DETAIL: A glazed earthenware funerary jar from the Song Dynasty of Ancient China. These were used to leave offerings of rice, wine, or some other gift for the deceased. The light green glaze became known as “Celadon Green” – so named for the color – and is one of the most celebrated styles of ancient China. The lower portion of the neck possesses a circumferential display of human figures, believed to represent the deceased’s family or ancestors. Above the ring of figures wrapping around the circumference of the neck is a depiction of a dragon. The dragon symbolizes the Chinese people and the people from Chinese origin considered themselves, with a certain amount of pride, "descendants from the dragon".
With respect to this particular specimen, the glaze shows some modest oxidation (decomposition) due to caustic alkalinity of soil in which it was buried. Though the majority of the glaze remains intact, glossy, and smooth to touch, toward the bottom of the bowl, there are some areas where the glaze has been completely lost, and there are some areas where the remaining glaze is a bit rough and chalky to the touch. There are also a couple of minor chips to the underside of the pedestal. Last, for whatever difference it makes, there is some hardened clay/soil material inside the jar, clunking around. It’s rather startling when you pick the jar up, but inasmuch as it is a hardened lump of clay/soil, there is no safe method to remove it.
According to legend, this ancestral dragon was a creature with a deer's antlers, a camel's head, the eyes of a hare, the neck of a serpent, the teeth of a crocodile, claws of an eagle, paws like a tiger, and the ears of a buffalo. Archaeological sites dated from 5,000 to 6,000 B.C. have revealed that the dragon was an allegorical Chinese alligator. This mystical totem was worshipped by the Chinese for centuries. The dragon is also depicted in many forms in modern Chinese art. Ethnic and cultural minorities depict the dragon in many forms, from a fish to an alligator or human.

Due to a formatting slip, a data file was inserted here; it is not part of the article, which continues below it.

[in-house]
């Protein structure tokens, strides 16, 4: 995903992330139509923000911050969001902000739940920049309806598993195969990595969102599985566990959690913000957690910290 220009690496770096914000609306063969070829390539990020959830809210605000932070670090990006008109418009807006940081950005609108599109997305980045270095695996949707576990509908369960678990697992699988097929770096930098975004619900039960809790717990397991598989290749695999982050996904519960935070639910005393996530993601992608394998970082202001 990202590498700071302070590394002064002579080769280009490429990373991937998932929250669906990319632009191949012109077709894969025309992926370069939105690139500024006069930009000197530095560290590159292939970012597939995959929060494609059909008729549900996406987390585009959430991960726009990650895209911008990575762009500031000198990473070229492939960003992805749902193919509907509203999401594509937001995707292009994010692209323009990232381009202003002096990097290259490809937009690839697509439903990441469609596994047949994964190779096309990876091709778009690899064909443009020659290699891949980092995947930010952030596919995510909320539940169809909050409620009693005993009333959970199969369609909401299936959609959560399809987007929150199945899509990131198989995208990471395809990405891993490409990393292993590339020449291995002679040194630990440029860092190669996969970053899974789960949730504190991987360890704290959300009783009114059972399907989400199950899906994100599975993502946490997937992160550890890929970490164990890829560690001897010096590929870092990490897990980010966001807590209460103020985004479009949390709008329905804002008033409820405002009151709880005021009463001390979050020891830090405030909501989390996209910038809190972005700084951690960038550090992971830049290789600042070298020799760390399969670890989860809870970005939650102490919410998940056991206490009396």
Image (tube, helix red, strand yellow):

This mythical creature was capable of ascending to the heavens, and descending to the depths of the sea, and was able to morph from its dragon form into other forms. The Chinese sign for the dragon appears during the Yin and Shang dynasties (16th to 11th centuries B.C.), the period of the earliest Chinese hieroglyphs. Inscriptions found carved into shields constructed of turtle shells depicted a horned reptile, teeth, scales and sometimes paws as well. Above the sign there's often a symbol that seems to indicate that the dragon is considered to be a violent, evil creature, the harbinger of misfortune.